India’s prime minister, Narendra Modi, leads world record attempt in New Delhi for largest single yoga class
Millions of yoga enthusiasts have stretched and twisted in unison across India and much of the world to mark the first International Yoga Day.
Indian prime minister, Narendra Modi, who had lobbied the UN to declare 21 June as global yoga day, spread his mat among rows of people – including his cabinet members and foreign diplomats – at New Delhi’s main thoroughfare, which had been transformed into one sprawling exercise area for Sunday’s event.
Thousands of people dressed in white sat on yellow mats under the Eiffel Tower, and similar events were held around the world, including in Bangkok, Kuala Lumpur, Seoul, Beijing and Manila.
“We are not only celebrating a day, but we are training the human mind to begin a new era of peace and harmony,” Modi told participants. “This is a programme for the benefit of mankind, for a tension-free world and to spread the message of harmony.”
Tens of thousands of schoolchildren, bureaucrats, homemakers, soldiers and ordinary workers took part in the exercise, which was repeated in all Indian state capitals. In Modi’s home state of Gujarat, public yoga events were organised at nearly 30,000 places, state officials said.
In Taipei, more than 2,000 participants rolled out mats and performed 108 rounds of sun salutations — a sequence of yoga poses often practised at the beginning of a routine.
“They give themselves a piece of time to observe their mind and their heart, which I think in the modern society we need a lot,” said Angela Hsi of her fellow practitioners.
Fazel Shah, an Indian pilot working for a Middle Eastern airline, rushed from the airport on his stopover in Taiwan to join the event.
“Isn’t it awesome? I mean, just look at the number of people who are here, embracing it,” he said.
He said yoga was probably born in India but belongs anywhere. “If you look from the sky down, you don’t see borders, you don’t see religions, you don’t see nationalities – you just see one group of people. So, I just go down and meet up with them, that’s all.”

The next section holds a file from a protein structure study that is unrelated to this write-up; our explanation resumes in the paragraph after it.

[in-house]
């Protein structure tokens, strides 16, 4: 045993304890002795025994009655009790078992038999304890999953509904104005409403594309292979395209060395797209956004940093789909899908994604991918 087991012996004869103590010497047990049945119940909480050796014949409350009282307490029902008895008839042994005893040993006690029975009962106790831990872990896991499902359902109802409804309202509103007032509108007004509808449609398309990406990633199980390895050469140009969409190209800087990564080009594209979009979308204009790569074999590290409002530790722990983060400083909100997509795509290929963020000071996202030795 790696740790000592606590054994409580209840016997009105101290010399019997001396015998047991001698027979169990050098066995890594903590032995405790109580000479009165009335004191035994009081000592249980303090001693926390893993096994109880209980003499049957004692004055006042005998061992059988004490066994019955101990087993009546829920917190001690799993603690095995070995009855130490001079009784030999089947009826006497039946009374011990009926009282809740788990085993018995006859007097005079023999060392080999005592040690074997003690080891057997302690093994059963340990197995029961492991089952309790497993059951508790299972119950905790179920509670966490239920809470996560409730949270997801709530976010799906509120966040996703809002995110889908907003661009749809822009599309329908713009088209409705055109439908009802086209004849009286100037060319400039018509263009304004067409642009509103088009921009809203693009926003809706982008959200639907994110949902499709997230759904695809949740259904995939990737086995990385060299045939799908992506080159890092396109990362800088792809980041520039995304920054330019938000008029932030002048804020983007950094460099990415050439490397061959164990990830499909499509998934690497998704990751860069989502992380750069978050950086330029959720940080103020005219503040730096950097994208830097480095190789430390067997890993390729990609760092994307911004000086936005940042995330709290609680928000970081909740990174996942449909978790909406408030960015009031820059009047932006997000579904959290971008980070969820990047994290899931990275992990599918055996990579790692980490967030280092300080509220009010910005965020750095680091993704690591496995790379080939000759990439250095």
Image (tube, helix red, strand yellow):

Many believe that yoga, an ancient physical, meditative and spiritual practice, is the best way to calm the mind and the best form of exercise for the body.
Indian officials said more than 35,000 people participated in the New Delhi event, which was also an attempt to set a Guinness World Record for the largest yoga class at a single venue. Guinness representatives said they hired more than 1,500 members of a global accounting firm to count the number of participants at the Delhi venue. The previous title was held by 29,973 students from Gwalior, in the Indian state of Madhya Pradesh, who set a record in November 2005.
India’s defence ministry said that soldiers on the Siachen Glacier, the world’s highest battleground in the Himalayas, and naval cadets on navy ships at sea would also be participating in the yoga day events.
Although Modi’s message was one of peace and harmony, many in India were concerned that the push for yoga was an attempt by Hindu groups to give a boost to Hinduism.
In the runup to International Yoga Day, many Muslims objected to the government’s exhortations to join in the public exercise programs. Some Muslim leaders said yoga was a Hindu practice.
The government quickly dropped a plan for the sun salutations, which many Muslims found objectionable because it implied the sun was a deity. Also dropped was the Hindu “om” chant.
Some Christian groups were upset that the mass yoga sessions were being held at a time when they usually attend Sunday mass.
Others were skeptical about the time and money spent by the government on yoga day.
“The government organises these hyped-up events,” said Sumita Rani, a primary school teacher in South Delhi. “Last year was the Clean India Campaign. What came of it? This city is as filthy as ever.”